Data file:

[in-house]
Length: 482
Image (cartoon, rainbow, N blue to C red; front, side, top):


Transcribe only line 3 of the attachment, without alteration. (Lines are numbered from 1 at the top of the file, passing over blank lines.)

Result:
Image (cartoon, rainbow, N blue to C red; front, side, top):